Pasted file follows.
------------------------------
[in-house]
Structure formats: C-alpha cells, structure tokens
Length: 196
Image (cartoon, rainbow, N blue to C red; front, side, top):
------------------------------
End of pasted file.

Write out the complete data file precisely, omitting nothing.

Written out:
[in-house]
Structure formats: C-alpha cells, structure tokens
Length: 196
Image (cartoon, rainbow, N blue to C red; front, side, top):